MyD88 Signaling Regulates Steady-State Migration of Intestinal CD103+ Dendritic Cells Independently of TNF-α and the Gut Microbiota.
Research output: Contribution to journal › Article
Intestinal homeostasis and induction of systemic tolerance to fed Ags (i.e., oral tolerance) rely on the steady-state migration of small intestinal lamina propria dendritic cells (DCs) into draining mesenteric lymph nodes (MLN). The majority of these migratory DCs express the α integrin chain CD103, and in this study we demonstrate that the steady-state mobilization of CD103(+) DCs into the MLN is in part governed by the IL-1R family/TLR signaling adaptor molecule MyD88. Similar to mice with complete MyD88 deficiency, specific deletion of MyD88 in DCs resulted in a 50-60% reduction in short-term accumulation of both CD103(+)CD11b(+) and CD103(+)CD11b(-) DCs in the MLN. DC migration was independent of caspase-1, which is responsible for the inflammasome-dependent proteolytic activation of IL-1 cytokine family members, and was not affected by treatment with broad-spectrum antibiotics. Consistent with the latter finding, the proportion and phenotypic composition of DCs were similar in mesenteric lymph from germ-free and conventionally housed mice. Although TNF-α was required for CD103(+) DC migration to the MLN after oral administration of the TLR7 agonist R848, it was not required for the steady-state migration of these cells. Similarly, TLR signaling through the adaptor molecule Toll/IL-1R domain-containing adapter inducing IFN-β and downstream production of type I IFN were not required for steady-state CD103(+) DC migration. Taken together, our results demonstrate that MyD88 signaling in DCs, independently of the microbiota and TNF-α, is required for optimal steady-state migration of small intestinal lamina propria CD103(+) DCs into the MLN.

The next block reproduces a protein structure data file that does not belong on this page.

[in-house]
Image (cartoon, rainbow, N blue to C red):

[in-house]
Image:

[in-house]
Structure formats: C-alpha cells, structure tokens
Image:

|Research areas and keywords||
Subject classification (UKÄ) – MANDATORY
|Journal||Journal of Immunology|
|Publication status||Published - 2015|
Related research output
2015, Section for Immunology, Lund University. 84 p.
Research output: Thesis › Doctoral Thesis (compilation)